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Gates: Windows XP Off to a Fast Start

Windows XP started out of the gate with a bang, selling more than 7 million copies in the first two weeks of its release, Microsoft Chairman and Chief Software Architect Bill Gates said in November.

At the opening of the fall COMDEX, Gates said the 7 million copies were sold, by Microsoft, to computer manufacturers for use on new personal computers and through upgrades and full packaged product sold by retailers throughout the world.

“The appetite of businesses and consumers worldwide for innovative PC technologies is stronger than ever,” Gates said. “In just the two weeks since the global launch of Windows XP, Microsoft has already sold an amazing 7 million copies of Windows XP, which we are incredibly excited about. We believe that Windows XP will light a fire of innovation across the entire high-technology industry.”

A statement on Microsoft’s Web site said sales of Windows XP are more than 200 percent higher than sales for Windows 98 in its first month, and the OS has been adopted by OEMs faster than any other operating system.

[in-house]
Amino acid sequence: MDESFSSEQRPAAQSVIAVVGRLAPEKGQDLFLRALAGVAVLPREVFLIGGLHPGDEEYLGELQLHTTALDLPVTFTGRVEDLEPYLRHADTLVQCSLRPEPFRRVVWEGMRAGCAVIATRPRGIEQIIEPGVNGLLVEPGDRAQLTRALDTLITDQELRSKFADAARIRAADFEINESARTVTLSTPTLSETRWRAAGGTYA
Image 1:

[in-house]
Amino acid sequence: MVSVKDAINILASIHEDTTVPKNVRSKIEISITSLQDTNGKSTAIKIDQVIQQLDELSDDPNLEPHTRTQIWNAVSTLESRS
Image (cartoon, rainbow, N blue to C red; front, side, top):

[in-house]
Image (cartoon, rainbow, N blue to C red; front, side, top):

While those statements may be true, they’re less impressive when put in context. The market is much bigger now than it was in the days of Windows 95 and 98. According to IDC, sales of Windows 3.1 and Windows 95 were 53 million units in 1996. In 2000, sales of Windows 9x and Millennium Edition topped 70 million units, with a potential market of 90 million units.

In the business market, IDC expects XP Professional to overtake Windows 2000 Professional sales over a two- to three-year period.

XP has generally gotten positive reviews in the press for its increased stability compared to 9x flavors of Windows, as well as its multimedia enhancements. Negative feedback has included the need to contact Microsoft to activate consumer versions of XP, and the claims of some that XP runs slower on most machines than Win2K Professional.

About the Author

Keith Ward is the editor in chief of Virtualization Review.

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